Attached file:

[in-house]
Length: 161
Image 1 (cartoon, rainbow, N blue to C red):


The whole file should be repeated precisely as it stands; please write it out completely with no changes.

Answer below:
[in-house]
Length: 161
Image 1 (cartoon, rainbow, N blue to C red):